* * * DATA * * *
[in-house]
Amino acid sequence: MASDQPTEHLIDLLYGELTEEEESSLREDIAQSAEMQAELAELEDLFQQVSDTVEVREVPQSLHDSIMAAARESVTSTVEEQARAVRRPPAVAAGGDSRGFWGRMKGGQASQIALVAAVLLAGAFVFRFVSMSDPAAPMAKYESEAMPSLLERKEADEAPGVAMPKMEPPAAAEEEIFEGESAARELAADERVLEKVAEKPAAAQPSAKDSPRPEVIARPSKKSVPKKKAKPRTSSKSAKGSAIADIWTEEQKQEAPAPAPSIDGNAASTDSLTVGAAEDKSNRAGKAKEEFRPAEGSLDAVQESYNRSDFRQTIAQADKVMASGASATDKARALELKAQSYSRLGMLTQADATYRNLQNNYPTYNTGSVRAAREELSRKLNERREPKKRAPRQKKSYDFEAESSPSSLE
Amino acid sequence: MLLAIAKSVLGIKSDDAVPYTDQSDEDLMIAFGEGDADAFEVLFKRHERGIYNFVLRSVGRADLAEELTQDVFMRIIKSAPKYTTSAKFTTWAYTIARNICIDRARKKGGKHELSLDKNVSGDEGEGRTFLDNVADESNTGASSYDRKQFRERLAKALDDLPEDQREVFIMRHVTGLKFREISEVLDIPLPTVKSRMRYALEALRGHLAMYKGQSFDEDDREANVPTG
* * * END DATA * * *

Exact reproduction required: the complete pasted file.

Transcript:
[in-house]
Amino acid sequence: MASDQPTEHLIDLLYGELTEEEESSLREDIAQSAEMQAELAELEDLFQQVSDTVEVREVPQSLHDSIMAAARESVTSTVEEQARAVRRPPAVAAGGDSRGFWGRMKGGQASQIALVAAVLLAGAFVFRFVSMSDPAAPMAKYESEAMPSLLERKEADEAPGVAMPKMEPPAAAEEEIFEGESAARELAADERVLEKVAEKPAAAQPSAKDSPRPEVIARPSKKSVPKKKAKPRTSSKSAKGSAIADIWTEEQKQEAPAPAPSIDGNAASTDSLTVGAAEDKSNRAGKAKEEFRPAEGSLDAVQESYNRSDFRQTIAQADKVMASGASATDKARALELKAQSYSRLGMLTQADATYRNLQNNYPTYNTGSVRAAREELSRKLNERREPKKRAPRQKKSYDFEAESSPSSLE
Amino acid sequence: MLLAIAKSVLGIKSDDAVPYTDQSDEDLMIAFGEGDADAFEVLFKRHERGIYNFVLRSVGRADLAEELTQDVFMRIIKSAPKYTTSAKFTTWAYTIARNICIDRARKKGGKHELSLDKNVSGDEGEGRTFLDNVADESNTGASSYDRKQFRERLAKALDDLPEDQREVFIMRHVTGLKFREISEVLDIPLPTVKSRMRYALEALRGHLAMYKGQSFDEDDREANVPTG